Shooting for the (Blue) Moon (Garlic) This Winter
Now that I'm all grown up, I've put brown-paper-packages-tied-up-with-string behind me and fallen flat in love with just the string. Elegant, cotton, and -- bien sur -- French. Blue Moon Farm, preeminent local producer of sustainably grown garlic, sells some handsome heads in the seductive bags above.
You may have to wait until the next growing season, though. Check the Blue Moon website to see varieties still available.
I always run out of Blue Moon garlic sometime between their last day at the Lexington Farmers Market in early November each year and their reappearance with my favorite, green garlic, when the Market reopens outdoors the following April.
The 2009 Music garlic was huge and plentiful. Blue Moon's website says this about Music:
Our most vigorous grower, pioneered by Canadian, Al Music. Good strong flavor. This large garlic features 5-8 BIG cloves per head, and is an excellent roaster. A favorite of the garlic lovers at our farmers' market, and some of KY's best chefs!
I decide to try storing enough Music garlic to last from November through April - in olive oil, as separate cloves, in the freezer.
There are issues...
Music garlic is a hardneck type, producing a flower stalk ("scape") during its growth cycle.
Local Harvest describes the hardneck/softneck difference:
Garlic varieties are broadly classified into two main categories: hardneck and softneck. The primary difference being that hardneck varieties produce a flower stalk and are often termed "topsetting" or "bolting" varieties.
Softneck garlics are very productive and produce smaller but more numerous cloves per plant. It is the easiest to grow and very adaptable in many climates and soils. The garlic flavor ranges from very mild to very hot.
The Hardneck garlic produces a "woody" flower stalk. The cloves are generally much larger and easier to peel. Garlics of this type have more complex and interesting flavors. Hardneck garlic is most closely related to wild garlic. Flowers, if they are produced, usually abort and form "bulbils" instead.
And so the dried mature Music garlic has a hard, woody central stem. To break the head into individual cloves requires some fingernails and wrist strength, or, when one plans to open a winter's supply of garlic heads, a nice broad knife blade (that's our trusty, sturdy, 6.5" Mac Superior Santoku).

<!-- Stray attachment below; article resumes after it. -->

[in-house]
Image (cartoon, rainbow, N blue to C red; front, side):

Lots of heads, lots of cloves, but the work goes quickly with the big, beautiful cloves separating easily once the hard stem comes out.
A little softneck sidebar: Some softneck garlic heads can be opened without a knife. Gerard Depardieu demonstrated this in Green Card, making his manly ability to crush a garlic head a fragrant part of his seduction of Andie MacDowell's hardnecked (no, hardhearted) character -- but then Monsieur Depardieu is French, enough said. Here is a less romantic 36-second video of the softneck technique. Even though this how-to video lacks Depardieu's seductive power, the narrator still sports a beguiling accent.
Lots of garlic heads make lots of garlic waste for the compost bin. I put the keeper parts, the individual cloves, into the strainer insert of a large stockpot, and lowered the cloves into the big pot of boiling water. Just 30 seconds in the water loosens the skins on the individual cloves.
The Big Boil, left below, leads directly to the Quick Chill on the right. Moving the cloves directly from boiling water to an ice water bath stops cooking instantly so the garlic itself does not cook. This helps keep the garlic fresh-tasting after its skins come off.
Slipping the skins off each individual clove is a fun kitchen task, like slipping the skins off cooked beets. The Music garlic (and perhaps all garlic - I don't know) has a thin, slippery second skin surrounding each clove that makes for unexpected fun as cloves fly around the kitchen.
I fill my sterile pint jars with extra virgin olive oil, and store the jars in the freezer. Depending on the extent to which the olive oil freezes, it is possible to fish out a few cloves from the frozen jar. It is easier, though, to keep one pint jar in the refrigerator and use both garlic and oil within a short time after opening.
Big, total disclaimers are in order, and here they come: Garlic is potent and its chemistry, flavor, and effects on the body are affected by how it is handled, chopped, cooked, and stored. I do not begin to understand it all, so if you are interested, here is one starting point for more about the garlic chemicals known as alliin, allicin, allinase, and more. And here is a lot more information about garlic storage options (in a hard-to-read font), with no documentation for the interesting distinctions and claims.
To increase the chances that my winter garlic will retain all its good chemistry until I chop and use it, I try to keep the individual cloves of garlic intact and uncut. I remove any blemished ones, and do not trim the end or remove any green sprouts. Those tasks can wait until I chop and use each clove.
My winter garlic may not have all the health benefits of truly fresh garlic. I would be surprised if it did, given the blanching/handling/freezing it endures. On the other hand, I am ready to go any time with 40 Garlic Clove Chicken, as done by Alton Brown, Ina Garten, or the late, lamented Gourmet magazine (from 1967, reprinted 2001).